It's a bit like leaving a family. Am I ready to join another family of faith now that I'm contractually released from my first? Is church membership even important anymore? The death knell for the organized Church in its American forms has been sounding for the last 10 years. Is being received as an official member important to the Episcopal church as it struggles to be in mission despite its own internal strife?

I'm clearly on the fence, and it's not all that comfortable up here. It's certainly not anything I had anticipated 20 years ago. But then again, not much is. 



Friday, June 29, 2012

You'd Be Proud

We put our one and only (in every sense of this phrase) 16 year old daughter on a plane to Germany two weeks ago. She has been traveling with a group of German language students and their teacher to the motherland, a trip that has been all year in the making.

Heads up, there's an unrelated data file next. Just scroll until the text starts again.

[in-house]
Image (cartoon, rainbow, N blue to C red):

It was a rather anxious start. Worst was the torrent of rain that she and I drove in from home to the Minneapolis airport. It was probably the worst rain I have ever driven in. If we hadn't had to meet an international flight, I would have pulled over and waited it out. It was as bad as night-time blizzards here in the Midwest, for those who have had that very unpleasant, life-threatening experience. It was all I could do to follow the tail lights of the car ahead of me. Poor daughter. She was already nervous, and she wisely put her head down, closed her eyes, and (I hope) prayed her way through about 15 miles of serious crazy. By the time we arrived at the airport, my head was buzzing with adrenaline, cortisol and every other emergency hormone the human body can pump out. But we made it, and so did everyone else.